|By Terry Perkins
In the continuation of an interview with Lorraine Feather, the lyricist/vocalist discusses her various recording projects. (If you missed Part 1 of the interview, click here.)
With the encouragement of noted jazz musicians Don Grusin and Dick Hyman, Feather decided to go forward with New York City Drag, a full album’s worth of compositions pairing her lyrics with Fats Waller tunes.
“It’s very time-consuming making new lyrics work with existing standards,” she explains. “It takes weeks to make one of these combinations fit. You don’t want to be disrespectful to the original, but there are certain melodic lines that are just too pianistic for a singer to sing--or they might be too rangy to make them work. So you do have to take some liberties with the arrangements. The musicians bring so much to the table in terms of making these combinations work. It becomes a multi-layered collaboration that involves existing music, new lyrics, and creative musicianship to really make it come alive.”
Feather’s work on the Waller recording was complicated by her mother’s death from a sudden stroke, plus the stress of dealing with tax problems associated with her parents’ estate. But she continued to focus on finishing the record.
“It was a very stressful time,” she recalls, “but I decided to keep on with the Fats Waller album. I had started getting tapes and CDs from Dick, and I was getting carried away by the music. I managed to finish it and found out about a little label called Rhombus Records, sent it to them and they agreed to put it out. It turned out to be the first thing I had ever done on my own that got played on the radio, and I also got some nice press coverage. So that began my addiction of recording my own albums.”
Feather’s successful career as a lyricist in the Hollywood film and television industry allowed her to pursue projects such as the Waller recording. Feather’s resum? includes credits on films such as The Jungle Book II and The Princess Diaries II as well as TV shows such as Dinosaurs and Beverly Hills 90120. Writing lyrics for film and TV clients can be demanding, but Feather has managed to balance her Hollywood lyricist career with her efforts as a jazz lyricist and vocalist.
“I’ve been writing lyrics for TV and films since Full Swing broke up, so I don’t mind direction and rewriting,” she states. “But it’s also nice to be able to do what I want-go left in the middle of a lyric, for example. I still love doing both, but writing lyrics for myself is certainly more entertaining, knowing I can do whatever I want because I’m not writing for a client.”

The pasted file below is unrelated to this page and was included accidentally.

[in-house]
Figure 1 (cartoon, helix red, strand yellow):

Feather followed up New York City Drag with the recording Cafe Society in 2003 in which she mixes vocalese numbers, rearranged from her days with Full Swing (Ellington’s “Rockin’ In Rhythm” and “Creole Love Call”), with originals written in collaboration with Grusin, Johnny Mandel, David Benoit, Eddie Arkin and others.
But once again Feather found herself drawn to the concept of crafting new lyrics to classic jazz instrumentals. She soon began work on a tribute to the music of Duke Ellington and Billy Strayhorn, crafting original lyrics to many of their instrumentals for her next recording, Such Sweet Thunder,
“I have a fascination with music from the ‘30s,” she explains. “It really speaks to me. I find it mysterious and dreamlike. Also, the groove of that music is more attractive for me to write lyrics and sing to--compared to bebop, for example. And I have a family relationship with the Ellingtons through my parents who knew them quite well. I’ve always felt a bond and, beyond that, was just really drawn to Duke’s music. I had already written some lyrics to Ellington and Strayhorn tunes during my years with Full Swing, so I thought it would be interesting to do a whole Ellington album to follow up the approach I took with the Waller record.”
Feather started the project by writing lyrics to well-known compositions such as “Harlem Air Shaft” and “Jubilee Stomp.” Unfortunately, problems in obtaining publishing rights to many of the compositions she was working on proved to be a formidable obstacle to finishing the project.